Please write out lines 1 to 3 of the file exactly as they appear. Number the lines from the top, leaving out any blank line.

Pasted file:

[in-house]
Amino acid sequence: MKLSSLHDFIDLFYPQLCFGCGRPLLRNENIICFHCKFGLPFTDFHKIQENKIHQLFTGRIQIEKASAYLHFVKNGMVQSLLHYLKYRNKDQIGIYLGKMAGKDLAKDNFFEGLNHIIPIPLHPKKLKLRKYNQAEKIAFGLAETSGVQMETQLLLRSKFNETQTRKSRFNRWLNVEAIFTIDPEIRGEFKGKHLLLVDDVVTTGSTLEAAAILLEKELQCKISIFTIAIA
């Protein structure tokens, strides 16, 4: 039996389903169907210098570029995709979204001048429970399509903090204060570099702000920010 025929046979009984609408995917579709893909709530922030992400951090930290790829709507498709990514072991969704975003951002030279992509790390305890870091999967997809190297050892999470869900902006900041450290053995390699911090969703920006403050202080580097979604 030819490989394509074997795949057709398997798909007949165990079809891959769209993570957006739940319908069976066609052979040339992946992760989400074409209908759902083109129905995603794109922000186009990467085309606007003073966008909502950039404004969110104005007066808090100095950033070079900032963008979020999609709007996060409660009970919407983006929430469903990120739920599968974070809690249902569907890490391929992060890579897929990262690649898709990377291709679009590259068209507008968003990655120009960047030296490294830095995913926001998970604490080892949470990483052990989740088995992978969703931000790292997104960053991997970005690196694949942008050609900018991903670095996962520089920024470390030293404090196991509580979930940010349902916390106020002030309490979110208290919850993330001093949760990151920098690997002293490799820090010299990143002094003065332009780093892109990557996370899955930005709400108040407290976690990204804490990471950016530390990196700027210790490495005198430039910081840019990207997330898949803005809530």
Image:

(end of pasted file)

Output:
[in-house]
Amino acid sequence: MKLSSLHDFIDLFYPQLCFGCGRPLLRNENIICFHCKFGLPFTDFHKIQENKIHQLFTGRIQIEKASAYLHFVKNGMVQSLLHYLKYRNKDQIGIYLGKMAGKDLAKDNFFEGLNHIIPIPLHPKKLKLRKYNQAEKIAFGLAETSGVQMETQLLLRSKFNETQTRKSRFNRWLNVEAIFTIDPEIRGEFKGKHLLLVDDVVTTGSTLEAAAILLEKELQCKISIFTIAIA
């Protein structure tokens, strides 16, 4: 039996389903169907210098570029995709979204001048429970399509903090204060570099702000920010 025929046979009984609408995917579709893909709530922030992400951090930290790829709507498709990514072991969704975003951002030279992509790390305890870091999967997809190297050892999470869900902006900041450290053995390699911090969703920006403050202080580097979604 030819490989394509074997795949057709398997798909007949165990079809891959769209993570957006739940319908069976066609052979040339992946992760989400074409209908759902083109129905995603794109922000186009990467085309606007003073966008909502950039404004969110104005007066808090100095950033070079900032963008979020999609709007996060409660009970919407983006929430469903990120739920599968974070809690249902569907890490391929992060890579897929990262690649898709990377291709679009590259068209507008968003990655120009960047030296490294830095995913926001998970604490080892949470990483052990989740088995992978969703931000790292997104960053991997970005690196694949942008050609900018991903670095996962520089920024470390030293404090196991509580979930940010349902916390106020002030309490979110208290919850993330001093949760990151920098690997002293490799820090010299990143002094003065332009780093892109990557996370899955930005709400108040407290976690990204804490990471950016530390990196700027210790490495005198430039910081840019990207997330898949803005809530």